A Longitudinal Model for Tau Aggregation in Alzheimer’s Disease Based on Structural Connectivity

  • Fan Yang
  • Samadrita Roy Chowdhury
  • Heidi I. L. Jacobs
  • Keith A. Johnson
  • Joyita DuttaEmail author
Conference paper
Part of the Lecture Notes in Computer Science book series (LNCS, volume 11492)


Tau tangles are a pathological hallmark of Alzheimer’s disease (AD) with strong correlations existing between tau aggregation and cognitive decline. Studies in mouse models have shown that the characteristic patterns of tau spatial spread associated with AD progression are determined by neural connectivity rather than physical proximity between different brain regions. We present here a network diffusion model for tau aggregation based on longitudinal tau measures from positron emission tomography (PET) and structural connectivity graphs from diffusion tensor imaging (DTI). White matter fiber bundles reconstructed via tractography from the DTI data were used to compute normalized graph Laplacians which served as graph diffusion kernels for tau spread. By linearizing this model and using sparse source localization, we were able to identify distinct patterns of propagative and generative buildup of tau at a population level. A gradient descent approach was used to solve the sparsity-constrained optimization problem. Model fitting was performed on subjects from the Harvard Aging Brain Study cohort. The fitted model parameters include a scalar factor controlling the network-based tau spread and a network-independent seed vector representing seeding in different regions-of-interest. This parametric model was validated on an independent group of subjects from the same cohort. We were able to predict with reasonably high accuracy the tau buildup at a future time-point. The network diffusion model, therefore, successfully identifies two distinct mechanisms for tau buildup in the aging brain and offers a macroscopic perspective on tau spread.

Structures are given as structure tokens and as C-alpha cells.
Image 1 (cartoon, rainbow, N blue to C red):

Alzheimer’s disease Network diffusion Tau Structural connectivity PET DTI 


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© Springer Nature Switzerland AG 2019

Authors and Affiliations

  1. 1.Department of Electrical and Computer EngineeringUniversity of Massachusetts LowellLowellUSA
  2. 2.Massachusetts General Hospital and Harvard Medical SchoolBostonUSA

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